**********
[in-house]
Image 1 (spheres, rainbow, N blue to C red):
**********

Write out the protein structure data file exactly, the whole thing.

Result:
[in-house]
Image 1 (spheres, rainbow, N blue to C red):